By Richard Boughton
Last week I wrote about Indonesia’s shortcomings, and listed particular failings of the country, some amenable to change (corruption) and some (the short stature of the people) quite unpremeditated and therefore certainly no fault of the country itself.
Lest I be found prejudicial, or accused of harbouring some favouritism toward any country in particular, I will now offer words about America, the country of my birth. I am impartial, you see, merely a reporter; so it’s the facts and only the facts.
And the fact is – a sad one – I have lived in only two countries during my lifetime, which extends at this point to 57 years (another sad fact).
Oh, and Canada. I forgot about Canada. It’s easy enough to do.
There are 195 countries in the world. That leaves 192 yet to be explored. And so I am hopeful. And then after that there may be the possibility of visiting Mars – given the proper advances on the part of science, along with an incredibly long lifespan on mine.
So what do I dislike about America? I’m going to pass over the small points here – the high cost of living; the rampant incidence of violent crime; the inner-city gang wars; the soaring national deficit (now in the trillions); the collapse of the housing market; the more than 250,000 foreclosures in 2010; the political imperialism so cleverly disguised as compassionate nation building – and address instead a few points of character; or, rather, its demise.
America has become a giant corporation, a machine of meshing pistons and gears in the form of human beings. It is a single, sprawling company, and everyone is on the roster, from the chairman of the board to the janitor in the basement. It is a brand name. It is an infomercial.
Character in the vast expanse of America has been superseded by conformity, driven by an infection of political correctness. Everyone knows the same things, says the same things, covets the same clothes, the same cars, the same condos. Everyone wears the same blindfold and gag.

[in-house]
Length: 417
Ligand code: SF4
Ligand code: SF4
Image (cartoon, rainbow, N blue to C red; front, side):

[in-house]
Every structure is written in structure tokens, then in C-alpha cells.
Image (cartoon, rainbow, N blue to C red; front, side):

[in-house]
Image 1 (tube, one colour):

What is the difference nowadays between the person who lives in Los Angeles and the New Yorker, some 2,400 miles apart? Just that. Two thousand four hundred miles and odd change. It’s a matter of space, not of culture or spirit. In kinder times one could find something quaint, according to the region he happened to visit. Krispy Kreme in the south, for instance. Waffle House. Seattle’s Best in – where else? -Seattle. Oh, they are still there; make no mistake. In fact they are now everywhere, as prolific as MacDonald’s. So much for regional flavour.
It’s a franchise, folks. There is no difference to be found from Maine to Arizona. We are overtaken, suffocated, captivated by the banality of big money and name recognition, strip malls and soundbites.
The American dream is a dream of abundance, but it has become an abundance adding up to nothing more than tedium. The American dream – now more illusive than ever – has its own dependent society in a firm death grip.
“Give me land lots of land under starry skies above … Don’t fence me in.” So went the old song. Now we have the catchy commercial jingle. We sing these songs in our sleep.
In America, one can go without ever meeting his next-door neighbour other than to exchange a wave or a scowl. I cannot imagine this happening in Indonesia. You wouldn’t get two feet from your front gate without a greeting. Mau ke mana? Dari mana? Where are you going? Where have you been?
In America we try not to look at each other. In America it’s none of your business. Am I too harsh? Am I unfair? Well, my apologies then. But you know it’s true.